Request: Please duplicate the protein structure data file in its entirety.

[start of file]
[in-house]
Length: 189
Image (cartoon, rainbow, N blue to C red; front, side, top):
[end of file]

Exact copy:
[in-house]
Length: 189
Image (cartoon, rainbow, N blue to C red; front, side, top):